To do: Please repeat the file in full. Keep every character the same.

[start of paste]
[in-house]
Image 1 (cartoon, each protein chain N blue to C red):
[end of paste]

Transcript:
[in-house]
Image 1 (cartoon, each protein chain N blue to C red):